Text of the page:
Secretary of Defense Leon Panetta announced Thursday that the policy of the Pentagon to exclude women from front-line positions in the military will be changed.
"Every citizen who can meet the qualifications of service should have the opportunity to protect the nation," Panetta said during the press conference announcement.
But the officials caution that "not every position will open all at once on Thursday."
The Department of Defense will enter into an 'assessment phase' following Thursday's announcement, in which it will examine the non-integrated units to determine how long the integration will take.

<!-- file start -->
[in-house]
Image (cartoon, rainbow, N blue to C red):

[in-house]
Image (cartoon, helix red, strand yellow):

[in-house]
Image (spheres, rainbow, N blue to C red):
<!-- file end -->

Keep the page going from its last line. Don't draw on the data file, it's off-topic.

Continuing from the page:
"It will take awhile to work out the mechanics in some cases,” a senior defense official explains. "We expect some jobs to open quickly, by the end of this year. Others, like Special Operations Forces and Infantry, may take longer."
Panetta, who will depart his Cabinet post sometime in the coming weeks or months, is reportedly setting a goal of January 2016 for the completion of the assessments and integration.
The officials said the Pentagon may leave some positions 'closed' to women, allowing each branch of the military to determine positions for which they will ask for exemptions.
The ban on women serving in combat roles was put on the books in 1994, when the Pentagon established its 'ground combat exclusion policy.
The policy states:
"Service members are eligible to be assigned to all positions for which they are qualified, except that women shall be excluded from assignment to units below the brigade level whose primary mission is to engage in direct combat on the ground."